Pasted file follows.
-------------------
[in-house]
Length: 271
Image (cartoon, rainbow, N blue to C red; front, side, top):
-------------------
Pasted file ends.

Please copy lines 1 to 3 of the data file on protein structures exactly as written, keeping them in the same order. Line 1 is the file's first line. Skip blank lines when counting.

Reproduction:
[in-house]
Length: 271
Image (cartoon, rainbow, N blue to C red; front, side, top):